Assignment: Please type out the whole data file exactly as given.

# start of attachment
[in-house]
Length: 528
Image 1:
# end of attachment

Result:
[in-house]
Length: 528
Image 1: